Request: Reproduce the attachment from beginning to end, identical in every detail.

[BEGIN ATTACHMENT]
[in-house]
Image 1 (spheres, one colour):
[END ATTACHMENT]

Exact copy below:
[in-house]
Image 1 (spheres, one colour):